Seems like the starvation deaths fell upon certain groups and not others. The evidence is growing that the deaths of Soviet POWs was no unfortunate consequence due to wartime conditions, but the result of a deliberate decision by the Finnish government to let the marginalize [sic! marginalised] suffer in order to protect the majority.
The above statement contains a logical error, in that it implies that a deliberate decision made by the Finnish Government could not be the result of wartime conditions.
In fact, the high death rate among Soviet POWs and ethnic Russian civilian detainees could have been the result of both wartime conditions (ie an aggregate food shortage) and of a deliberate decision by the Finnish Government (ie to use the available food to provide an adequate diet to ethnic Finnish soldiers and civilians, and to give only what was left over to Soviet POWs and ethnic Russian civilian detainees, and other groups less deserving or important to the Finnish war effort, such as civilian prisoners or inmates of mental hospitals).
It is clear from the material posted by some Finnish contributors to this thread that the Finnish Government, or at least some of its agencies, decided to supply less food, or food of lesser nutritional value, to Soviet POWs and ethnic Russian civilian detainees (and to civilian prisoners and inmates of mental hospitals) than it it did to the ethnic Finnish population as a whole.
However, such discrimination is pardonable if there was indeed an aggregate food shortage, and there simply was not enough food available to provide every individual under the control of the Finnish Government with an adequate diet. Under such conditions, it was entirely natural for the Finnish Government to favour its own people at the expense of enemy prisoners and detainees. Providing a sufficient diet to the latter would have entailed depriving some members of the ethnic Finnish population, which no reasonable person could expect the Finnnish Government to have done.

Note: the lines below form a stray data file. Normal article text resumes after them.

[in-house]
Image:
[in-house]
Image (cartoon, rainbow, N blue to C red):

It owuld have been an entirely different situation if the available food supplies had been adequate to provide a sufficiently nutritious diet to all persons under the control of the Finnish Government, but that government had maliciously decided to deprive certain disfavoured groups by storing food instead of distributing it to those groups, thereby exposing them to starvation.
For example, in the United States there was more than enough food to provide for everybody in the country, including all the enemy POWs and civilian detainees being held on its territory. Accordingly, there was no valid excuse for not providing an adequare diet to prisoners and detainees, and so far as I know there were no cases in the United States where POWs and ethnic Japanese and other civilian detainees were deprived of food. However, the situation in wartime Finland was entirely different, since Finland was not self-sufficient in food even in peacetime, and the war situation simply increased the difficulty of providing adequate food to the inhabitants of the country.